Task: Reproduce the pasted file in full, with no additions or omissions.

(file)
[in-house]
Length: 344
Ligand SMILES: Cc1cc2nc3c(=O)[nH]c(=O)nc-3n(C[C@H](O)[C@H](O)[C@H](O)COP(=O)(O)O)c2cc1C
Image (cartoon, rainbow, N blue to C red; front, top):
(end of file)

[in-house]
Length: 344
Ligand SMILES: Cc1cc2nc3c(=O)[nH]c(=O)nc-3n(C[C@H](O)[C@H](O)[C@H](O)COP(=O)(O)O)c2cc1C
Image (cartoon, rainbow, N blue to C red; front, top):